Nassau Deportation Defense Lawyers
The current climate toward immigration and deportation has a lot of people worried about their legal status in the United States. If you’re concerned or you have an active case pending in Nassau County, you need an experienced immigration attorney by your side to protect your rights. The Spodek Law Group has a high rate of success and more than 50 years of state and federal legal experience in this practice area to recommend them.
What is Criminal Deportation?
Only U.S. citizens or Naturalized Green Card holders have a legal right to remain in the United States no matter what. Green Card holders who have lawful permanent resident status or those who are granted temporary visas can be removed from the country for a variety of reasons. Deportation, which is also called removal, happens at the Federal level.
Criminal removal can occur if you violate immigration laws or are charged with a crime. Once you’ve been deported, you may permanently lose the legal right to return to the United States, even on a visitor’s or student visa. The goal of a deportation defense attorney is to stop that from happening.
What Kind of Violations Can Result in Criminal Deportation?
The most common causes of deportation are due to violations of the law, either immigration or criminal. However, you can also be subject to deportation because of employment or tax-related issues. If your violation falls under any of the categories outlined in the Immigration and Nationality Act (INA), you may even be subject to mandatory, indefinite detention without bond until your case is adjudicated. The length of your residency in the United States makes no difference.
There are many reasons you or a family member could be removed from the country. However, the government must prove its case against you beyond a shadow of a doubt. The most common reasons for criminal deportation proceedings are:
– Weapons possession
– Sex offenses
– Violent crimes
– Property crimes, including theft or burglary
– Fraud, including identity theft, credit card fraud, and passport or visa fraud
– Domestic crimes, including stalking or endangering the welfare of a child
– Tax evasion
– Illegal employment, including working off the books
What Happens if I’m Charged With a Crime?
You don’t have to be charged with a felony to be deported, and you don’t necessarily have to be convicted. That’s why it’s essential to contact an experienced criminal attorney who’s well-versed in immigration law as soon as you or a loved one has been arrested. It doesn’t matter if you think the offense is serious; it may still cause removal proceedings to be initiated.
Is There Any Way to Fight Criminal Deportation?
Currently, there are nearly half a million people awaiting deportation hearings in immigration courts across the country. Some perceived violations stem from a misunderstanding or misinterpretation of the law. There are several possible remedies that can prevent removal, including waivers or mandatory relief. These are some of the most common, and your lawyer can provide more information.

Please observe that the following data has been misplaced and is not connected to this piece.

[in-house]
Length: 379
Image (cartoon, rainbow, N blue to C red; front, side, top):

1. Adjustment of Status – This is usually petitioned by a spouse or employer when the visa holder seeks to change their status to lawful permanent resident. Eligibility is limited to those who meet the provisions under § 245 or 245 (i) of the INA, or under section § 249 for those who entered the U.S. before January 1, 1972.
2. Cancellation of Removal – You may be eligible for relief if you are a lawful permanent resident with seven years of continuous residency – meaning you cannot have left the United States for any reason – or a non-lawful resident with more than 10 years of continuous residency, and you can prove that your removal would place an undue burden on your family.
3. Cancellation of deportation under the Violence Against Women Act (VAWA), which is available to victims of domestic abuse married to U.S. citizens or lawful permanent residents.
4. You can avoid deportation if you meet the requirements for asylum or refugee status under section 208 (a) of the INA, under the terms of the Convention Against Torture and Other Cruel, Inhuman or Degrading Treatment or Punishment (CAT), under Nicaraguan Adjustment and Central American Relief Act (NACARA), or you qualify for Withholding of Removal under the United Nations Convention Relating to the Status of Refugees.
5. Voluntary Removal – You must agree to return to your home country or a country other than the United States or one of its territories, voluntarily and at your own expense.
Contact A Nassau Deportation Lawyer to Discuss Your Case
Spodek Law Group is available 24/7, whether you need immediate legal assistance or you’re just worried about your case. Don’t hesitate to contact us when you need an attorney who cares about you.